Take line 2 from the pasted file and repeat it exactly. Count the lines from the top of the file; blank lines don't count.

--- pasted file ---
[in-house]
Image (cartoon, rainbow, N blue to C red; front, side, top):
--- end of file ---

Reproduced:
Image (cartoon, rainbow, N blue to C red; front, side, top):